• @supraguy said in Connecting PanelDue and Arduino to one serial port:

    This is kind of what I was suggesting in the other post.

    If you have 2 UARTS on your arduino, put it in the middle, but you shouldn't actually need to.

    Absolutely not needed.

    If you just grab the ground and the Duet's TX pin, you should be able to read the Duet's responses to the PanelDue's M408 queries without the need for any other operations.

    With a 3.3V Arduino, this WILL work. Nothing additional needed.

    If you want to make sure that there is no level loss, you COULD probably use an op-amp as a buffer, which could then also manage the level shift from 3.3V at the Duet's output to 5V for the Arduino's UART. The op-amp's input resistance can be plenty high enough to ensure that there is no signal loss to the PanelDue.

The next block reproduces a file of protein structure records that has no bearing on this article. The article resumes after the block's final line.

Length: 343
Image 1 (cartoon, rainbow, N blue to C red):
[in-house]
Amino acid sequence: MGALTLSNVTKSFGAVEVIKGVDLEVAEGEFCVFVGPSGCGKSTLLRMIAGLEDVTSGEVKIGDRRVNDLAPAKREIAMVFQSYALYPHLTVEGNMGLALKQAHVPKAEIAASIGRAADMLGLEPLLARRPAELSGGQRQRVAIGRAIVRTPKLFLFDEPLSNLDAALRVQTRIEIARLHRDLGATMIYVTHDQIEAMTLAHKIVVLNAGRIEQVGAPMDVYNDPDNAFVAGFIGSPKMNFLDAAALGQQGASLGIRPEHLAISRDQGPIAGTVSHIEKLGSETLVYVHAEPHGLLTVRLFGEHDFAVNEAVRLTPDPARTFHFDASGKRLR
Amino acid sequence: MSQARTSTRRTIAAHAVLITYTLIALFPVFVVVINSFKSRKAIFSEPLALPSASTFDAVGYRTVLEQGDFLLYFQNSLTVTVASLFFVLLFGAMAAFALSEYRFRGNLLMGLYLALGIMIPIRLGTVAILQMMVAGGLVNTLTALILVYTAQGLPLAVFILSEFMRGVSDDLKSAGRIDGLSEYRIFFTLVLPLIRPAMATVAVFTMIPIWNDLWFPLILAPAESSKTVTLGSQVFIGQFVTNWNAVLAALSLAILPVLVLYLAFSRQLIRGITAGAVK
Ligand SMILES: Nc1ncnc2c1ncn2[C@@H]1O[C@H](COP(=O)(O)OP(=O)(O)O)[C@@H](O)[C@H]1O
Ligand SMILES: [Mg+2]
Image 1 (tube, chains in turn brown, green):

Not needed for buffering the input. The RX in on the Arduino is exactly the same as that OpAmp input. Maybe even less impedance...

    Absolutely not needed, unless for 3.3 to 5, and I'd use a digital level shifter for that, not an analogue op amp.

    You should not need to connect to the Duet's RX pin. note that doing so may mess things up, since the PanelDue sends line numbers with its gcode polling of the Duet, and you'd possibly mess up the sequencing if you inject your own instructions/queries.

    Completely agreed.

    If you're going to do your own polling, I'd strongly suggest that you look at an arduino with 2 UARTS and insert it completely between the two.

    Also agreed, very different use case than "sniffing".



  • @danal said in Connecting PanelDue and Arduino to one serial port: